The Los Angeles Lakers finally came out on top in the Andre Drummond sweepstakes on Sunday, signing the former Cleveland Cavaliers big man on a minimum deal for the rest of the season. Drummond, arguably the biggest name of the buyout market, is expected to join the team soon and his Lakers coaches and teammates are already excited to see the center get on the court.
Frank Vogel said he was “thrilled” to get the opportunity to coach Drummond, specifying his value as a screener, roller, and offensive rebounder as what the team is hoping to get from him. That’s effectively the role that Drummond will have, though his finishing at the rim this season (just 54.5% from zero to three feet) leaves something to be desired.
Still, the players seem to be excited to have Drummond in that role as well. Dennis Schröder cited his ability to put pressure on the rim. Kyle Kuzma talked about his rebounding ability (“I got somebody to battle with on the boards”) and the Lakers being able to overpower opponents on the offensive glass between the two of them as well as Anthony Davis and LeBron James. Montrezl Harrell spoke about Drummond’s presumed hunger to get on the court after not playing since February 12th, saying “we’re going to welcome him with open arms.”
Andre Drummond will be competing with Harrell and Marc Gasol for minutes in the frontcourt behind Davis. That’s not to mention the likes of Kuzma, Markieff Morris (his former teammate in Detroit) and LeBron who can all slide down and play minutes there if needed.
Drummond’s impact can’t immediately be known. He should easily be able to contribute with his rebounding — the Lakers only secured eight offensive rebounds on Sunday despite missing 48 shot attempts — and his underrated passing acumen could be useful for a team with adept backcutters like Schröder and Alex Caruso. (I would recommend this film breakdown of Drummond from Nekias Duncan of Basketball News that accurately portrays his strengths and weaknesses).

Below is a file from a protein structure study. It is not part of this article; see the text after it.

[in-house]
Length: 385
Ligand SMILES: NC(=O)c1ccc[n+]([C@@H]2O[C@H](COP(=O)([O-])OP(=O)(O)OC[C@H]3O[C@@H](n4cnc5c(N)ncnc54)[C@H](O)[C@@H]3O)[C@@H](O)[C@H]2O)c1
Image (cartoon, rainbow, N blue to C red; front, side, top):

Beyond that, whether Drummond can contribute defensively or with his finishing at the rim depends strongly on how he fits alongside the team’s two stars. While those are concerning limitations, it has to be noted that situations matter. As we saw last year, the Lakers got the very best of JaVale McGee and Dwight Howard throughout the season and Vogel was not afraid to bench them when their limitations could be exposed in the postseason. Additionally, just the motivation of joining a team with championship aspirations (as well as that of seeking a long-term contract in the summer) could be enough to get more out of the big man. We have seen that play out elsewhere in the league this season with the likes of Nicolas Batum on the Clippers and former Drummond teammate Blake Griffin in Brooklyn.
That’s not to say that it’s a guarantee that Andre Drummond will be the missing key to another championship puzzle. He is very clearly a flawed and limited, albeit talented and productive player. But the Lakers may be the perfect situation to get the most out of him and his teammates and coaches already seen up to the challenge.